An almost-full, half-pie, waxing moon hanging lopsided in the night sky has long been a symbol of things to come. Now scientists have a new symbolism for the lunar phase we call first quarter: a looming risk of earthquakes.
The moon is (mostly) responsible for Earth’s tides, which are strongest when the sun and moon are aligned, during a full moon or a new moon. It’s small, the moon, but so close that its gravity stretches and compresses the water across the globe, into high and low tides called spring and neap tide, respectively. It pulls on the Earth’s crust, too, but only a tiny bit, especially compared to the breath-like rise and fall of an ocean.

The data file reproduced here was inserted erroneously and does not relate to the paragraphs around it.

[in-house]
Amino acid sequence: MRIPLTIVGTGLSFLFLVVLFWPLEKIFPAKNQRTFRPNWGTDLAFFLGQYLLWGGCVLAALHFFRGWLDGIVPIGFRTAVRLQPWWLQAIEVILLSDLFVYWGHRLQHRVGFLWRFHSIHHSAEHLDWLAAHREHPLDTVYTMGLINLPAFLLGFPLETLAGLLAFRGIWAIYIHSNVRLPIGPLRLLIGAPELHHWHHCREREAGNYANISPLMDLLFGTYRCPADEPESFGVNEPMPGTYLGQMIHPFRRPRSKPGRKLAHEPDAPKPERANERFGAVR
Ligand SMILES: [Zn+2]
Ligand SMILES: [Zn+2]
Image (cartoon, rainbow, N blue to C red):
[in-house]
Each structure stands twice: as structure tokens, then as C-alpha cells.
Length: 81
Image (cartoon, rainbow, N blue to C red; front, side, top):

Still, scientists have wondered for years whether the moon might play a role in earthquakes, which are essentially movements of the Earth’s crust atop its mantle. It would make sense that the moon’s gravity could tug at a fault in the crust, especially one that is already close to failing and slipping. But going back to the 1800s, nobody had demonstrated firm evidence for this. A new study gets closer to drawing this link.
Studying data from the past two decades, Satoshi Ide and colleagues from the University of Tokyo measured the timing of high tides and reconstructed the amplitude of the moon’s pull at those times, focusing on the two weeks prior to large earthquakes. They measured the amplitude of the tides against the timing of those quakes, and found some of the largest and most devastating earthquakes in recent memory happened when the Earth’s crust was under the highest tidal stress.